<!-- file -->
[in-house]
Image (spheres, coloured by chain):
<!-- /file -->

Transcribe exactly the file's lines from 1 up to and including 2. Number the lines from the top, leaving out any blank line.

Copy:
[in-house]
Image (spheres, coloured by chain):